Author Biography: Robin Gerber, J.D., is a senior scholar at the Academy of Leadership at the University of Maryland. For more than twenty years she has trained women in leadership at organizations including the Democratic National Committee, the United Nations, and the State of New York. Ms. Gerber is a regular contributor to USA Today and other major newspapers.
Read an Excerpt
“Character building begins in our infancy, and continues until death.”
In late 1933, at the end of her first year as FirsT Lady, Eleanor Roosevelt called her publisher to ask how her first book, It’s Up to the Women, was doing? The book had only come out a few months earlier, but Eleanor was anxious and relieved to hear it was selling “very steadily.”
Eleanor had written the book as a combination of home-making advice and political manifesto. In a chapter titled, “The Problems of the Young Married,” she counseled couples to show “an immense amount of tolerance and of unselfishness” toward each other. But women should also feel free to marry and have careers she argued in a later chapter. “Women’s lives must be adjusted and arranged for in just the same way that men’s lives are” Eleanor wrote.
Eleanor had written her first book in the middle of a year when she also determinedly rewrote the role of first lady. She held the first-ever press conference by a president’s wife and, to counter the all-male White House press corps, she admitted only women. She put together a team of women to work on getting women appointed to government jobs, an effort that resulted in Frances Perkins’ appointment as FDR’s secretary of labor, making her the first-ever woman cabinet member.
By August of 1933, Eleanor’s leadership had begun to attract notice. Suffragist and political strategist Carrie Chapman Catt had pictures of statesmen hanging on her wall, “but under the new administration,” she wrote to Eleanor, “I have been obliged to start a new collection and that is one of stateswomen…and you are the very center of it all.”
It’s Up to the Women was part of a larger agenda. According to biographer Blanch Wiesen Cook, Eleanor wanted to create a grassroots movement, led and informed by women,” to carry out the social reforms of the New Deal. Her book stood like a banner in that effort. The small volume held a message that rested on foundations forged in Eleanor’s childhood, especially the idea of personal responsibility and duty. She had taken these first leadership lessons, as many leaders do, from early experience. Just as It’s Up to the Women called on women to make change, it had been up to Eleanor as a child, to triumph over more misfortune than any child should have to face. But triumph she did, with the firm belief that if she could, anyone could.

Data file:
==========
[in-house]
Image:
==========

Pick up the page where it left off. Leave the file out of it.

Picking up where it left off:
Reflecting on her early life, Eleanor concluded that “one can, even without any particular gifts, overcome obstacles that seem insurmountable if one is willing to face the fact that they must be overcome; that, in spite of timidity and fear, in spite of lack of special talents, one can find a way to live widely and fully.”
She held to a simple understanding drawn from her childhood—you don’t have to be special to lead a special life. That belief cemented her many and varied relationships. Eleanor had drawn a key lesson from her history and gained faith not only in her own ability but also in the ability of other people. Publishing It’s Up to the Women was only one act of many that Eleanor took to inspire women by speaking to them as fellow travelers on the road to a better world.